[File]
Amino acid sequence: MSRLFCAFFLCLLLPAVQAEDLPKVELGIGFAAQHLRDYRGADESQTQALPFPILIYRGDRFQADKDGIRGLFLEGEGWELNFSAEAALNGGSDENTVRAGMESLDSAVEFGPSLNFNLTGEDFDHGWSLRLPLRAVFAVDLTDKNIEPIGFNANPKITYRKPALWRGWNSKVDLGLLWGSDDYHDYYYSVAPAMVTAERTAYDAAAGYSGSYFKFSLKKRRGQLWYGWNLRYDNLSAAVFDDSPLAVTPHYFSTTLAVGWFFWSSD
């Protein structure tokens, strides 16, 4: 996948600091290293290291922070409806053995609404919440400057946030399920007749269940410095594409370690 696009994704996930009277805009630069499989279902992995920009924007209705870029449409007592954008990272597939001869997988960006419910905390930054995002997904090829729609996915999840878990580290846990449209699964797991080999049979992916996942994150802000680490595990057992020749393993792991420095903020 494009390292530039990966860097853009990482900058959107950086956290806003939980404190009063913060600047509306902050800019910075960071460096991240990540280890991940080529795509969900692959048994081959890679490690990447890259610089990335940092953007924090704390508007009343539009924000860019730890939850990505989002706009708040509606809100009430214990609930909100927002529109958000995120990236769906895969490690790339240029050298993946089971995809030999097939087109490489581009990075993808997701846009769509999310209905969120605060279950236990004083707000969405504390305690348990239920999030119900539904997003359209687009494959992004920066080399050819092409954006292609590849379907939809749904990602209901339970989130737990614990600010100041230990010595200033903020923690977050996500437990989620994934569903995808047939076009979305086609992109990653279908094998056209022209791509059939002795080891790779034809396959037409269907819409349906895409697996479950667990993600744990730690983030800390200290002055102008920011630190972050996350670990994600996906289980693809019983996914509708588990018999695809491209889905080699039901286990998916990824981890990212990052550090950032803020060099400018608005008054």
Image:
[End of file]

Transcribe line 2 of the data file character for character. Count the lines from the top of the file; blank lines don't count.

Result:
């Protein structure tokens, strides 16, 4: 996948600091290293290291922070409806053995609404919440400057946030399920007749269940410095594409370690 696009994704996930009277805009630069499989279902992995920009924007209705870029449409007592954008990272597939001869997988960006419910905390930054995002997904090829729609996915999840878990580290846990449209699964797991080999049979992916996942994150802000680490595990057992020749393993792991420095903020 494009390292530039990966860097853009990482900058959107950086956290806003939980404190009063913060600047509306902050800019910075960071460096991240990540280890991940080529795509969900692959048994081959890679490690990447890259610089990335940092953007924090704390508007009343539009924000860019730890939850990505989002706009708040509606809100009430214990609930909100927002529109958000995120990236769906895969490690790339240029050298993946089971995809030999097939087109490489581009990075993808997701846009769509999310209905969120605060279950236990004083707000969405504390305690348990239920999030119900539904997003359209687009494959992004920066080399050819092409954006292609590849379907939809749904990602209901339970989130737990614990600010100041230990010595200033903020923690977050996500437990989620994934569903995808047939076009979305086609992109990653279908094998056209022209791509059939002795080891790779034809396959037409269907819409349906895409697996479950667990993600744990730690983030800390200290002055102008920011630190972050996350670990994600996906289980693809019983996914509708588990018999695809491209889905080699039901286990998916990824981890990212990052550090950032803020060099400018608005008054």